Vaccination

Vaccination is used to provide immunity against disease-causing pathogens. Vaccines are always pathogen-specific and normally work only for specific pathogens. For example, vaccination against poliovirus will only give protection against polio, not any other disease. A vaccine is made by using a small number of attenuated pathogens. A vaccine can include –

  • Live but attenuated pathogens
  • Fragments of the pathogen which is weak and harmless.
  • Toxins made by pathogens.
  • Dead pathogens.

All these pathogens contain antigens and when they are injected into the body, lymphocytes of our body get stimulus to produce antibodies that recognise foreign antigens. Once the antigen has been recognized, our body develops a memory for it so that when the same pathogen enters again, the immune system can respond quickly to destroy it. This means it increases the immune response making the person less susceptible to diseases.

There are two types of immune response:

  • Primary immune response – It happens just after the infection.
  • Secondary immune response – It is responsible for making antibodies faster and in more quantity.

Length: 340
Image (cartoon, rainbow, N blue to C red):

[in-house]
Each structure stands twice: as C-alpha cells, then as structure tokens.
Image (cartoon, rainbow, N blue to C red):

Blood Clotting

Often the open wounds not only attract the entry of pathogens but also can lead to loss of the immense amount of blood if not closed soon. This is the reason our body forms a scab on the wound after some time. This happens due to platelets which are small fragments of cells involved in the formation of a blot clot. The clot is nothing but a collection of fibrous tissue.

Formation of clot

When skin gets injured, the platelets:

  • Release a substance that enables the fibrinogen protein to create a mesh-like structure of insoluble fibrin which are the collection of small fibres around the wound.
  • The red blood cells present in the blood get entangled in this mesh and forms a clot. It takes the shape of scab and protects the wound from spreading and stops the bleeding.

Note: Vitamin K is responsible for making blood clotting factors and prevents excessive bleeding.